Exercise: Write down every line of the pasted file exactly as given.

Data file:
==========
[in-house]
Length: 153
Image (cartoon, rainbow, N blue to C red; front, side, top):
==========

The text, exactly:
[in-house]
Length: 153
Image (cartoon, rainbow, N blue to C red; front, side, top):